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It took me tens of passenger flights to notice that there is no row thirteen. A silent sacrifice to a delusion many of us share.

It took me tens of passenger flights to notice that there is no row thirteen. A silent sacrifice to a delusion many of us share. Omit a number, pretend it doesn’t exist, and there are fewer passengers fidgeting in their seats, fewer panic attacks, and fewer people trying to slyly swap places with strangers. Most don’t even notice the absence. In a world that favours rationality, the decision to erase the number thirteen from existence for the duration of a flight is paradoxically rational. In East Asia, buildings miss the fourth floor, as the number four sounds like “death” in Mandarin Chinese. A tall building can survive without both the fourth and the fourteenth floors. A small price to pay for everyone’s peace of mind.

In most cultures that have discovered the power of counting, numbers serve a dual purpose. Magic. Divination. Making sense of the world. And it would be wrong to think that it is man who holds power over numbers. Often, the equation goes both ways. Charged with meaning – personal and collective – numbers have power over us. Numbers guide and nudge us. Numbers trigger our memories, making them ring like strings on a Persian santour. They make us recall things from our past or participate in ritualistic communal acts of pointing out coincidences and commenting on repeating patterns. Even if you’re a non-believer, this makes for good small talk.

I’ve recently turned thirty-three, and now and again I have to stop myself from responding “The same age as Jesus” when asked how old I am. Many people died at that age, but it is the Nazarene that we associate with the number. The rule stops there, though, as we think of Porsche and not Methuselah when we hear nine-six-nine.

Thirteen, forty, seven, three, and twelve mean something to most people in most cultures. They bind us in symbolic ways and help us add another dimension to our speech and thought. Divine, primordial, celestial, astrological – everyone has their own angle of interpreting this layer. We also have our personal Kabbalah sets that contain incantations and ciphers forever linked with the numbers that mean something to us. Even if we wanted, we couldn’t shake off those meanings. So we embrace them as a benign form of intrusive thoughts, as we see glimpses of those meanings every time we come across our special numbers in the wild.

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My personal set contains one hundred sixty-six – the workhorse Pentium CPU that I, like many other nineties kids, started my сomputing journey with. Ursula K. Le Guin wrote about the power of one’s true name in the Wizard of Earthsea. The same was true for my old Pentium. Even if you overclocked it, increasing its clock speed by a few MHz, deep inside it would still be a one hundred sixty-six.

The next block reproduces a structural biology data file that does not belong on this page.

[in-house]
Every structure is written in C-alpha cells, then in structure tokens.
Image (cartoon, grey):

There are more computer-related numbers etched into my psyche. All the first n powers of two, for example, are related to storage capacity, first in megabytes and now in gigs. The floppy could store one point forty-four megs, being three point five inches in width. And I don’t even think about recounting all the numbers related to all the sound cards, Linux distros, and patches to obscure games. If I started, I’d get stuck in an endless loop.

But numbers go beyond obsolete motherboards and link me to more interesting times in my life than the years spent in front of a CRT screen. For instance, I cannot see the number thirty-four without thinking of Istanbul, the city whose streets I still roam in my mind when Vilnius becomes too small. There’s nothing Sufi about the number, thirty-four is simply the area vehicle registration code, seen on number plates, T-shirts, gangsta tattoos, and LED displays of rapid-transit buses transporting bodies across the Bosphorus.

The longest and most peculiar sequence in my personal Kabbalah numerology set is zero five four nine seven. It is the ending of my old phone number, and I use it to verify whether a number I’m given over the line has the correct number of digits. Even though I know my current phone number by heart, the one from ten years ago serves as my own little verification tool. Why? When I was a teenager, I had memorised my entire address book – which was admittedly thin – but the only number that stood the test of time is my own.

I’ve seen other people obsessed with numbers. Where some of them saw omens, others – mild annoyances. Some would wake up at the same odd time for days in a row.  Others would fixate on the number of unread emails in their inboxes, trying to keep it the same at all times, as a signpost of sorts. Some would drop incoming calls at certain times, knowing there would be a telemarketer on the other end. Some of those people might have been me…

Numbers have power over us, and the only reason I used words to write numbers in this piece is to disarm them, even if only for a bit. Why was six afraid of seven again?